Interestingly, the success of slow running is evident in the historical annals of international competition since New Zealand coach Arthur Lydiard revolutionised the world running scene with his ‘mostly slow’ coaching method in the 1960s.
Running too hard too often is the single greatest mistake made by runners
In 1945, Lydiard revealed the key to maximum fitness was lots of slow running. He believed endurance was the true limitation in running and training programs should emphasise endurance building. Lydiard’s mantra was the ‘secret to running faster was to run further’. Through trial and error, Lydiard found speed work helped when it was ‘sprinkled lightly’ on top of a large foundation of slow running. Hence, Lydiard invented the 80/20 training approach.
Following the success of Lydiard’s athletes at the 1960 Olympic Games in Rome, his low-intensity, high volume approach spread globally. In the modern era, all distance world records have been set by athletes trained with an 80/20 approach including the current domination of East Africans.
In recreational running there is a belief East Africans do more training at moderate to high intensities than recreational runners. However, this is not the case. Fitzgerald asserts world class runners, such as the best Kenyans, perform more than 80% of their training at intensities below the ventilatory threshold.
Speed work helps when it was ‘sprinkled lightly’ on top of a large foundation of slow running
Why would a runner naturally choose to habitually run faster than what is required? Fitzgerald cites it is likely due to the task oriented nature of runners. When a runner has a ‘job to do’ they wish to get it done. Most runners think in terms of covering a distance instead of running for ‘x’ minutes and therefore believe the fastest way to achieve a distance based task (e.g. a 5km run) is to run it fast.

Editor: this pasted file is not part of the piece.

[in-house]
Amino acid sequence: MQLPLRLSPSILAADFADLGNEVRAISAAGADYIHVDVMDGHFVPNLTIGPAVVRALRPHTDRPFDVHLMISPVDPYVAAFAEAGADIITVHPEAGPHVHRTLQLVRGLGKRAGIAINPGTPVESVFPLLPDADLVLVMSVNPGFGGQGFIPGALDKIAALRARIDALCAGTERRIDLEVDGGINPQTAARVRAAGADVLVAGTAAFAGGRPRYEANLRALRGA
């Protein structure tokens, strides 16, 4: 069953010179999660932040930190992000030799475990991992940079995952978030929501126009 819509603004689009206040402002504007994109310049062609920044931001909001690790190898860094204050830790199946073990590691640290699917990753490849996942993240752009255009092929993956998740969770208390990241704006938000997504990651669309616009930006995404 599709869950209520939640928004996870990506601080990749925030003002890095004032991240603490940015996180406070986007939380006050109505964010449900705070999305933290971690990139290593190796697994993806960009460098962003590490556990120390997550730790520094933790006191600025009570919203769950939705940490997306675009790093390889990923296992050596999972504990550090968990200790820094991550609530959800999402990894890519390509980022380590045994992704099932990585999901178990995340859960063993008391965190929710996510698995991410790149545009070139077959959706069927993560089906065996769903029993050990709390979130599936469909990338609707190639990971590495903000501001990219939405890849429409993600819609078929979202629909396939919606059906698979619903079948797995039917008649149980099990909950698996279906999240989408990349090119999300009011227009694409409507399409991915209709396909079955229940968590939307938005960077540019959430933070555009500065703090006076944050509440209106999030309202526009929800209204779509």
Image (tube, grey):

Fitzgerald claims while runners have an inclination to ‘get it done’ they also have an aversion to suffering. What ends up occurring is the runner compromises between the desire to finish quickly by running at high intensity and their desire not to suffer excessively. Therefore the run ends up being done at moderate intensity and their habitual pace becomes ingrained. It becomes familiar through repetition and is difficult to change.
Runners are generally unaware they are running too hard at their habitual pace. Most runners think they are running at low intensity when in fact they are running at moderate intensity.
Running at moderate intensity too often does not result in immediate consequences. It doesn’t cause a runner to go immediately backwards in their performance. Rather, Fitzgerald cites it reduces a runner’s rate of improvement with performance stalling. As a result, most runners are unaware their easy runs are now moderate intensity and the mistake is limiting their potential.
Fitzgerald likens this intensity blindness to chronic sleep deprivation. If an optimal amount sleep was eight hours per evening and you slept for six, you may function okay during a day. However, when you sleep for the optimal hours per evening, you can appreciate how much better you feel and function.
Runners need to experience low intensity slow running before appreciating how their previous moderate intensity running was limiting their performance.
Most runners think that they are running at low intensity when in fact they are running at moderate intensity
One benefit of spending more time at low intensity rather than a 50/50 is a runner can log more volume reflecting Lydiard’s philosophy that if you want to run faster than you must run further.
Because so much training occurs at low intensity with an 80/20 running approach, runners log higher mileage while producing gains and reducing the likelihood of injury.
Increasing volume is associated with the improvement of aerobic capacity resulting in speed sustainability gains (maintaining the same speed for longer distances) and better running economy.
If you think the 80/20 approach is a fad consider Fitzgerald’s statement comparing the training habits of Olympic champion Sir Mo Farah and former US marathon record holder Bill Rodgers:
“Training methods continue to evolve in the sport of running, but today’s innovators are working at the margins, tinkering with different methods of incorporating cross-training, altitude training, and other such practices into their regimens. Mo Farah‘s training in the second decade of the twenty-first century is not much different from Bill Rodgers’ training in the 1970s. Rodgers ran upward of 120 miles per week, and Farah runs up to that amount. Rodgers did about 80 percent of his running at low intensity, and Farah does the same.”
Brad is the founder of Gold Coast based physiotherapy group POGO Physio, author of Amazon.com best selling book ‘You CAN Run Pain Free! A Physio’s 5 Steps to Enjoying Injury Free and Faster Running’ and is a regular participant at the Gold Coast Marathon.